It is incongruous to castigate Buhari because of his age in politics; he should be appraised for taking such a line when many of his ilks are whiling away their time in gossip. In a comment on Yahoo about four years ago, one Barbara Gettinger Stewart, said that it has always seemed to her that foolish young people become foolish old people. However, just by virtue of living a long time, even old foolish people pick up a bit of experience that the younger generation can use.
She continued, saying that people who have lived a long time can remember things that no longer exist; such as typing papers using carbon paper and white out. Adults were feared to an extent, even beloved ones. She said that as she approaches 70, she found herself understanding more and more about those who came before, even some who were quite foolish during their lives. She concludes: All humans have intrinsic worth and the scale goes on from there.
Another commentator said that wherever the Old people are there they take care of the kids, provide them with the inputs of their experience, knowledge and emotional value of family and groom the children as a good, obedient and bright children and Law abiding future citizen. There is an intangible string of emotional attachment among them. When they are happy in the family, they are happy outside and spread happiness to others as well.
This treatise is to support Buhari’s age and not actually his person or political ambition. What this means is that we have to understand aging from the biological point of view as well as from the cultural point of view. In our clime, we celebrate the aging process and respect our elders. We should stop making disgusting comments about our aging people, otherwise we are sloping into Western cultures.
According to “7 Cultures That Celebrate Aging And Respect Their Elders”, youth in the West is fetishized and the elderly are commonly removed from the community and relegated to hospitals and nursing homes; aging can become a shameful experience. Physical signs of human aging tend to be regarded with distaste, and aging is often depicted in a negative light in popular culture, if it is even depicted at all.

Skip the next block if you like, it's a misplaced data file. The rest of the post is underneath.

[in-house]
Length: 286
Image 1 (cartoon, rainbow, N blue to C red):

From the Christian perspective, a Billy Graham said that the Scripture is filled with examples of men and women whom God used late in life, often with great impact – men and women who refused to use old age as an excuse to ignore what God wanted them to do. Buhari maintains the maxim by one Aldous Huxley, which suggests that the secret of genius is to carry the spirit of the child into old age, which means never losing your enthusiasm.
It was obvious that Buhari lived a cautious youthful age, because according to Maurice Chevalier: A comfortable old age is the reward of a well-spent youth. Instead of it bringing sad and melancholy prospects of decay, it would give us hopes of eternal youth in a better world.
In summary, according to WikiHow, elderly people are now who you will one day become. Respecting their wisdom, knowledge, grace and fortitude should come second nature to younger generations but it isn’t always the case. Sometimes we need reminding of why it is so important to respect our elders for what they have to impart to us that will help ease our journey through life. They should always be respected like you want them to respect you.
Odimegwu Onwumere, Poet/Writer, Rivers State. (firstname.lastname@example.org). Tel: +2348057778358.